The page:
Avoid snap judgments and drive better results for your team.
Robin Wright-Pierce, Diversity Coach and Senior Social Equity Specialist at Design Impact
Implicit biases are internal beliefs that make us favor people, ideas, or anything we’re familiar with over other options.
Sometimes those options are objectively better, but our biases get in the way.
Revealing and addressing your implicit biases will make you a more strategic decision-maker. Here's how.
Imagine you've got an important task but you're too swamped to handle it yourself. You need to delegate it, but you're worried the only person who's available won't be able to do a good enough job.
Try box breathing: breath in, hold your breath, and exhale for 4 counts each.
This helps us be more present in the moment, and instantly boosts our control over the decision.
The less information we have, the more we rely on our biases to fill the gaps. Writing down as many details as possible keeps your biases from hijacking your decisions.
Back to that important task: 1. Write down everything that's involved. 2. Write down the reasons you think your team member may struggle with it.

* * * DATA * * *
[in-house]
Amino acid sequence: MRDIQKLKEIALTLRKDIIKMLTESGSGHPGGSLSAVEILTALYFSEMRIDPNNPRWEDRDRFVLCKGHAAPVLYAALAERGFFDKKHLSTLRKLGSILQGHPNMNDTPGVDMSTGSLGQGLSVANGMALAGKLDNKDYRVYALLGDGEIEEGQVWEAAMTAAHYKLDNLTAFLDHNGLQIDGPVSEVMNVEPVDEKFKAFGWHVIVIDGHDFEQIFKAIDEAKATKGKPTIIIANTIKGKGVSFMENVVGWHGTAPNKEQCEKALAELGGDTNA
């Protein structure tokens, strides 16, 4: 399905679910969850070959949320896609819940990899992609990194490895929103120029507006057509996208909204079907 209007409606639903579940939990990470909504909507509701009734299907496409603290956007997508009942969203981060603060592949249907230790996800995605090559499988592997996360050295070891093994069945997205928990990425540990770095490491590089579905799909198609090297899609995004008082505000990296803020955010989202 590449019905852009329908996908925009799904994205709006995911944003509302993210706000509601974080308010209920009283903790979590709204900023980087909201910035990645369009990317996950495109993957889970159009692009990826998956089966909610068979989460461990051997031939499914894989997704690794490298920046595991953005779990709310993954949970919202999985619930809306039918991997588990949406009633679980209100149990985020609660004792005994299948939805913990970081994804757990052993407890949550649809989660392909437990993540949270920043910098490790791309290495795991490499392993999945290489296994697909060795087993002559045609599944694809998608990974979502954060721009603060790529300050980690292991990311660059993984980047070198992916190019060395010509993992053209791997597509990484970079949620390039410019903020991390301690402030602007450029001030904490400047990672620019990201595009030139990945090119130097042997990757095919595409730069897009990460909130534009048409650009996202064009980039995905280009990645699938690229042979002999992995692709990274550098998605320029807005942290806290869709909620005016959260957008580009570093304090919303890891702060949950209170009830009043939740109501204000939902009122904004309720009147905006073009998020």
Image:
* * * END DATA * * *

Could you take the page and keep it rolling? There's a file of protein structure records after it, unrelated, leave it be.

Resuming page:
Getting these unconscious thoughts on paper is the next step to exposing your hidden biases.
When bias kicks in, we tend to stay in a more close-minded space.
Consider the task you're worried about delegating again. Open yourself up by asking:
• What risks am I not taking? • What or who am I ignoring? • Do I have evidence that my doubts are true?
These will help you proactively look for information you might otherwise miss.
With these tactics, you're on the way to becoming a more conscious decision-maker.
Here's some other scenarios where you can use this: • Choosing between potential hires • Promotion decisions and performance reviews • Deciding on a tech stack • Choosing a provider